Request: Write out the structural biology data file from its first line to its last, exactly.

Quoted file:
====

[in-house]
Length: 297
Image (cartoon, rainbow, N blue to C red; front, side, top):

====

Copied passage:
[in-house]
Length: 297
Image (cartoon, rainbow, N blue to C red; front, side, top):